For most of my life, I've tried to master the process of falling asleep and staying asleep. And (not to brag) I've actually become pretty good at it. I don't check my email after 7 p.m., I use a white noise app on my phone, I wear a headband over my eyes, I keep a list by my bed and sometimes I try to meditate (keyword: try).
However, I still have an issue with sleep. It has nothing to do with falling asleep or staying asleep, it's about when I wake up. I'm going to take a guess and assume that most people are like me and set their alarm on their phone. I've gotten into this habit when my alarm goes off, I reach over and grab my phone to turn it off, and as soon as I swipe it open I go immediately into my email.
As an entrepreneur, I feel that I constantly need to be connected to my company from the moment I wake up. But this creates a heavy weight of anxiety from the moment my eyes open. My first thoughts aren't anywhere close to, "good morning." They're thoughts about work, and problems, and panic of what needs to get done today.
The whole idea of getting a good night's sleep is to wake up the next day ready to perform. But when I wake up (even if I'm well rested) in a state of panic, it defeats the purpose of getting healthy sleep.
I learned from a friend of mine, Antonio Neves, what his morning ritual is. He says his immediate thoughts when he wakes up are:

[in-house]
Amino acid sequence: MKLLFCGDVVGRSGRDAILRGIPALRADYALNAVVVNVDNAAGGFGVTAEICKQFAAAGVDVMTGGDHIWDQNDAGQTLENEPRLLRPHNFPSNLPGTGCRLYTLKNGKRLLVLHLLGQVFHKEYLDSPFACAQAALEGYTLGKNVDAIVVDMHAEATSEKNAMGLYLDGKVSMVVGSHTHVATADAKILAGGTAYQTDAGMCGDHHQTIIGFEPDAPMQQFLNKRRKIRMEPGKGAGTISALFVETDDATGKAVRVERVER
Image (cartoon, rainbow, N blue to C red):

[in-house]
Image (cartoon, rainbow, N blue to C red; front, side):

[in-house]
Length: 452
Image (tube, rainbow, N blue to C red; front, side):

Don't hit snooze! From there, I tend to feel, and fight, an urge to check email and social media which 8 times out of 10 I'm successful. When I resist those urges, I give thanks for another day to create, love, and be useful. Then I ask myself, what's most important about this day?
As soon as I read this, I took it as a challenge. For the past week, when my alarm goes off, I shut it off and then place my phone back on my dresser. From there, I take a minimum of 10 seconds to think about what's important to me that day.
Sure, sometimes what comes to mind first is work related like, "make sure all catalogs are ready to go for the trade show this weekend."
But then I surprised myself and started to think about other important things like calling my grandparents, or trying a new pose in yoga that day, or spending time outside to enjoy the spring weather. I had no idea some of these things were important to me until I allowed the time for my mind to address them.
Ever since I've taken 10 seconds in the morning to prioritize my day and think about what's important, the little problems don't seem as big. I used to immediately check my email and if one thing was wrong then my whole day was off. But now, before I check my email, I've already prioritized what's important so those little problems aren't as heavy on my mind.
We can get all the healthy hours of sleep in the world, but if we don't wake up with an even healthier mentality to approach the day, we're not spending our new energy in a positive way. Try taking ten seconds when your alarm goes off to pause and think about the truly important things you'd like to focus on or accomplish when you get up. Ten seconds in the morning can make the rest of the 86,400 seconds in the day a lot better.